Markets and ports in perspective
A comparative study on the spatial origin and development of towns in the northern Netherlands, 700-1400.
This PhD-research investigates the spatial implications of the economic historians' emphasis on markets and ports as crucial elements in the remarkable medieval urbanization of the Low Countries.
To what extent were markets and ports decisive for the spatial origin and development of towns in the northern Netherlands, how does this relate to other explanatory factors, such as landscape, infrastructure, and other functions (religious, military and political), and who were the actors involved?
In the European context, the medieval urbanization of the Low Countries is special. From a peripheral fringe zone, the area developed into Europe’s most urbanized region at the end of the Middle Ages. Recent historical syntheses demonstrate the significant character of the urbanization. Driven by strong interregional dynamic forces, the economic core shifted several times from one group of towns to another. Moreover, historians argue that towns in the Low Countries emerged and flourished mainly as a result of their economic core functions: either as a port in long-distance trading networks, or as a regional market, or both.
However, these historical syntheses pay little attention to important morphological questions regarding the spatial lay-out of towns. It is far from clear how towns came about and took shape over the long term of the Middle Ages. That’s remarkable, because the medieval urban genesis and development was determinative for the present-day spatial distribution of towns across the landscape, as well as for the main infrastructure of today’s urban cores. Spatially oriented research, like practiced in archaeology and historical geography, needs to fill this gap.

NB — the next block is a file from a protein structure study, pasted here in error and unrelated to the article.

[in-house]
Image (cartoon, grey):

Conducting the proposed research will provide new insights on the relationship between history and space in an important part of today’s cultural heritage: historical urban cores. By looking at the role of markets and ports in a broader morphological context, it will become clear by which factors – and in which interplay - towns were shaped in the Low Countries during the Middle Ages. It will also become clear how long-term developments, like the shift from manorial to commercial exchange and the emergence of urban institutions at the expense of more established institutions of power (like kings and bishops), manifested itself spatially in medieval townscapes.
Starting from the historical debate on the importance of markets and ports in the medieval urbanization of the Low Countries, the proposed research aims to reconstruct the influence of markets and ports on the spatial origin and development of medieval towns, the relationship with other explanatory factors of landscape, infrastructure, and other functions (religious, military, political), and the actors involved in these processes.
Methods and materials
By using the method of plan-analysis from the geographical sub discipline of urban morphology, the spatial development of nine towns across the Low Countries over the long term of the Middle Ages is visualized in a Geographical Information System (GIS). This GIS-based plan analysis method is innovative for its integration of historical, archaeological and geomorphological information on the spatial development of medieval towns. It allows to compare the nine towns among each other in an accurate, uniformed way that hasn’t been used before in the Low Countries.
The use of archaeological sources is essential. In particular for the early Middle Ages, historical sources are scarce while archaeological sources are abundant. Besides, archaeological sources have not been used much for syntheses and comparisons between towns. Because of its specific methodology, the proposed research will be able to valorise archaeological data in relationship with other types of sources (historical and geomorphological) on the spatial lay-out of towns.
The nine towns under investigation are Utrecht, Deventer, Maastricht, ’s-Hertogenbosch, Delft, Leeuwarden, Rotterdam, Amsterdam and Hoorn. These towns are selected because they represent different periods of urbanization, for their geographical distribution across the landscape, and the supposed availability of archaeological and historical sources.